Undeterred at the looming legal consequences, Philip planned another draft board action and invited his younger brother to join him. Daniel agreed.
On May 17, 1968, the Berrigan brothers joined seven other Catholic peace activists in Catonsville, Md., where they took several hundreds of draft files from the local draft board and set them on fire in a nearby parking lot, using homemade napalm. Napalm is a flammable liquid that was used extensively by the United States in Vietnam.
Daniel said in a statement, “Our apologies, good friends, for the fracture of good order, the burning of paper instead of children, the angering of the orderlies in the front parlor of the charnel house. We could not, so help us God, do otherwise.”
Berrigan was tried and convicted for the action. When it came time for sentencing, however, he went underground and evaded the Federal Bureau of Investigation for four months.
“I knew I would be apprehended eventually,” he told America in an interview in 2009, “but I wanted to draw attention for as long as possible to the Vietnam War and to Nixon’s ordering military action in Cambodia.”
The F.B.I. finally apprehended him on Block Island, R.I., at the home of theologian William Stringfellow, in August 1970. He spent 18 months in Danbury federal prison, during which he and Philip appeared on the cover of Time Magazine.
The brothers, lifelong recidivists, were far from finished.
On Sept. 9, 1980, Daniel and Philip joined seven others in busting into the General Electric missile plant in King of Prussia, Pa., where they hammered on an unarmed nuclear weapon—the first Plowshares action. They faced 10 years in prison for the action but were sentenced to time served.
In his courtroom testimony at the Plowshares trial, Berrigan described his daily confrontation with death as he accompanied the dying at St. Rose Cancer Home in New York City. He said the Plowshares action was connected with this ministry of facing death and struggling against it. In 1984, he began working at St. Vincent’s Hospital, New York City, where he ministered to men and women with H.I.V.-AIDS.
“It’s terrible for me to live in a time where I have nothing to say to human beings except, ‘Stop killing,’” he explained at the Plowshares trial. “There are other beautiful things that I would love to be saying to people.”
In 1997 he was nominated for the Nobel Peace Prize.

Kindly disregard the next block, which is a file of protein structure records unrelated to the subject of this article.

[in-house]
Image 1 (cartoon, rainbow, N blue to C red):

Berrigan’s later years were devoted to Scripture study, writing, giving retreats, correspondence with friends and admirers, mentorship of young Jesuits and peace activists, and being an uncle to two generations of Berrigans. He published several biblical commentaries that blended scholarship with pastoral reflection and poetic wit.
“Berrigan is evidently incapable of writing a prosaic sentence,” biblical scholar Walter Brueggemann wrote in a review of Berrigan’s Genesis (2006). “He imitates his creator with his generative word that calls forth linkages and incongruities and opens spaces that bewilder and dazzle and summon the reader.”
From 1976 to 2012, Berrigan was a member of the West Side Jesuit Community, later the Thompson Street Jesuit Community, in New York City. During those years, he helped lead the Kairos Community, a group of friends and activists dedicated to Scripture study and nonviolent direct action.
Even as an octogenarian, Berrigan continued to protest, turning his attention to the U.S. wars in Afghanistan and Iraq, the prison in Guantánamo Bay and the Occupy Wall Street movement. Friends remember Berrigan as courageous and creative in love, a person of integrity who was willing to pay the price, a beacon of hope and a sensitive and caring friend.
“I owe him my heart, my life and vocation,” Bill Wylie-Kellermann, pastor of St. Peter’s Episcopal Church in Detroit, writes of Berrigan. “In a century, how many souls on this sweet and beset old planet has Berrigan called to life in the Gospel? How many deeds of resurrection? How many hearts so indebted?”
 Luke Hansen, S.J., a former associate editor of America, is a student at the Jesuit School of Theology of Santa Clara University, Berkeley, Calif.
The article below on the late Daniel Berrigan was published in the Jesuits Magazine Fall / Winter 2015.
By Alyson Krueger
Edited by Mike Benigno and Robert Ludwig, PhD.
One night in the spring of 1968, Daniel Berrigan moved his Jesuit vocation into the breach: his faith collided with his conscience and with the American legal system, and his life would never be the same.
Daniel was always aware of injustice, sensing that the world God had envisioned didn’t match the world he was living in. During a portion of his Jesuit training spent in France, he encountered the worker-priests and met many who had resisted the Nazi occupation during World War II. Closer to home, he had become a critic of America’s war in Vietnam and had been deeply influenced by Dr. Martin Luther King, Jr., and the non-violent campaign to end segregation.
Probably no one had had a greater impact on him than his younger brother Philip, a Josephite priest, who, like Daniel, had engaged in anti-war activity for years with friends like Thomas Merton and Dorothy Day.
Now, Phil was hatching a new plan.